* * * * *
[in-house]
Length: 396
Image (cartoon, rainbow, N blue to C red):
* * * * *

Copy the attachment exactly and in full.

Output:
[in-house]
Length: 396
Image (cartoon, rainbow, N blue to C red):